Maggie and Sammy are two ordinary looking cats with special inner qualities. They both came from the same site and look like brother and sister but are several months apart in age. None the less, they are good buddies and play mates.
Maggie arrived first as a known friendly. She was paired with Lewis, a shy cat, in the hopes that she would teach him how to be friendly. Sammy came to us as a presumed feral and so got ear tipped. I discovered that he purred when held. He went to a foster house and was joined by Maggie a couple weeks later. They went through a couple transfers, including some time in an All the Best Pet Care store for adoption before we received them. In the store they were too shy of people to be readily adoptable so we took them for more socialization time.
They are teaching me how cats communicate with each other. I am learning about chirps, trills, and body language from them.
Both love other cats. When Maggie meets another cat she, purrs, arches, and rubs up against things. Then she falls on her side, makes air-biscuits toward them, and rolls over a few times. This is cat greeting for: we are going to be the best friends! Annabelle, another foster and a story in her own right, feels the same about other cats. She too will do the rolls and air biscuits. I now often find some combination of Maggie, Sammy, and Annabelle curled up together.
They have such good cat social skills. When a cat does not reciprocate their interest, such as our mid-aged lady Luna, they will respect that boundary. I’ve never seen them hiss at or swat at another cat. Neither have the hiss, swatted, or nipped at me. Maggie would nip playfully at my hand but I only needed to squeak at her a few times. Each time she would pull back and look sorry that she had hurt me. She has not nipped at me since.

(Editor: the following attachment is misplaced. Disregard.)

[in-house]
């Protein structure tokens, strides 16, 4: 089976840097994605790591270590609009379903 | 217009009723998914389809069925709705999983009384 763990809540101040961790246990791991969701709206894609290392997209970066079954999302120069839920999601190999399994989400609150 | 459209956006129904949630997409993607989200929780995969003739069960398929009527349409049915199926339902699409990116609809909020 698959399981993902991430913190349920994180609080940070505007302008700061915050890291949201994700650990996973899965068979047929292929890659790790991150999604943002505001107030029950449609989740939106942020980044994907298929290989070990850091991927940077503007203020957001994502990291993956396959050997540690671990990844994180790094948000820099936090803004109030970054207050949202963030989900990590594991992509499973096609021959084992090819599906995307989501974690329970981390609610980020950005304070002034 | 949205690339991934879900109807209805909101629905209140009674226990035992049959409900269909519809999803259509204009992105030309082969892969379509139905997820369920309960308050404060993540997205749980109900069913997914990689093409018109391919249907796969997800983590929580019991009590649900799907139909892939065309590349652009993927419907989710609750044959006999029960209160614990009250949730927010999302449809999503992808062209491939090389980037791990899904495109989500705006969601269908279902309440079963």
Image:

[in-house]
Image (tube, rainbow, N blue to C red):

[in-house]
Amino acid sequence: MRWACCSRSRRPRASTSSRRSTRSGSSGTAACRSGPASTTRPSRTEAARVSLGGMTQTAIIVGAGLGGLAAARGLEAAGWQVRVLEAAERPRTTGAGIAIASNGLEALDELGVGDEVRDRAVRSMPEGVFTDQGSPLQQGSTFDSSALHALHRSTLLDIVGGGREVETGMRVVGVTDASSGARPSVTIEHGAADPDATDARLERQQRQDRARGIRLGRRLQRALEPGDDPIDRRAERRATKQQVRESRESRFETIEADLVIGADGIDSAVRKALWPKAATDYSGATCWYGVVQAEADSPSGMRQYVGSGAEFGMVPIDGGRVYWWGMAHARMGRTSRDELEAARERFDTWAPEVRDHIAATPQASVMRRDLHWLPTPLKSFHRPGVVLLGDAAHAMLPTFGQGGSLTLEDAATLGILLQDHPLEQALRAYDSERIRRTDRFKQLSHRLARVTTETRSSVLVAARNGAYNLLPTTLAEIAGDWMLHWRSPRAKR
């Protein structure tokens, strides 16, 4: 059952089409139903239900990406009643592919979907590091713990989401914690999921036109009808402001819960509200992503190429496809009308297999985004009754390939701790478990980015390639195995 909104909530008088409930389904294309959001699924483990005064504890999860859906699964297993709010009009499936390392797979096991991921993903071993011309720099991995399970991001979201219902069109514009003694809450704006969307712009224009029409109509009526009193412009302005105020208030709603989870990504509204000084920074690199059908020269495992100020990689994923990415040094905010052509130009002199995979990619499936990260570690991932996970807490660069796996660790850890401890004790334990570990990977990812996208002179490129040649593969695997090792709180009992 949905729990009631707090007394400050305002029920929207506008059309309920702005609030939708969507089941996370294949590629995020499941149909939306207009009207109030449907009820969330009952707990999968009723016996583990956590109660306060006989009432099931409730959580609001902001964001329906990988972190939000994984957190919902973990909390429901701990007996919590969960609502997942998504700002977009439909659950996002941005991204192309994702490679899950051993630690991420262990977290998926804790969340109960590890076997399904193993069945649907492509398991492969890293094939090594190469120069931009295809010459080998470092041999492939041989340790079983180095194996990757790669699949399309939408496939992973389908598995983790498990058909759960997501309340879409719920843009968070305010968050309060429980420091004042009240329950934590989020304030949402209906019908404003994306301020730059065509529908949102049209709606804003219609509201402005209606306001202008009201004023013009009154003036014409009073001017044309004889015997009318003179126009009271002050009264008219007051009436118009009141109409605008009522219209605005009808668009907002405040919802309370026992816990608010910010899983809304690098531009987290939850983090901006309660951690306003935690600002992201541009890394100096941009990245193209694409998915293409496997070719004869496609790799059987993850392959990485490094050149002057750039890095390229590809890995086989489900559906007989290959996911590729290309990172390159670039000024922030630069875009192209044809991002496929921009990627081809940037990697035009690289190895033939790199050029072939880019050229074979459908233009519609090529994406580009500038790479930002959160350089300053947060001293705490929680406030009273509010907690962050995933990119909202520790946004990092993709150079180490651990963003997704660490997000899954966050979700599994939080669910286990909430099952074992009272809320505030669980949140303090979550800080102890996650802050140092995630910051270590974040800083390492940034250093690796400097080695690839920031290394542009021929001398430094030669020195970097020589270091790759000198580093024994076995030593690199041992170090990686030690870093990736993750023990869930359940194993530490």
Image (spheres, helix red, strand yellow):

Both are playful but Sammy is the supper athletic one. He knows that before bedtime I’ll get Da-Bird out for a good round of play. He shows up near me, tail up, rolling around on the floor to say – ready to play now! He is like a panther – speed and lots of power. He makes great leaps and shakes the floor when he lands.
In previous foster, Sammy would allow himself to be approached and held but Maggie would not. Here I isolated Maggie first – she spent the first week with me in my office and got comfortable with contact. I’m doing a long at-home meditation retreat in January and thought it would be a good time to work with shy cats. However, when I isolated Sammy upstairs where I mediate he would complain and call to Maggie. Then Maggie figured out where her buddy was and they both scratched at the door from opposite sides. Needless to say, meditation was impossible in those conditions so I gave Sammy free run of the house. Even so, in the two days with me he allowed me to approach and pet him. After retreat, when I’m more able to tolerate interruption, I’ll isolate Sammy again and work on his human trust issues.
I’ve developed so much appreciation for these guys loving, gentle, and smart attributes I am tempted to adopt them ourselves. They are so very good with other cats they would not be at all disturbed by the constant change in the cat population. But their addition would bring us to 4 resident, which is a lot.
These are two cats I’ll be sad to say good by to. We are looking for a good home for them. I think they would do best in a house with patient people and some other cats. They will get along with and play with just about any cat. The adopter will have to have patience with their shyness but will be richly rewarded.